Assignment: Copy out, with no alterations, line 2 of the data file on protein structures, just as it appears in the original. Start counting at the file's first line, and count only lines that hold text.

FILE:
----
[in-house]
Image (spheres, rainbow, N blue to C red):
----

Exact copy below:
Image (spheres, rainbow, N blue to C red):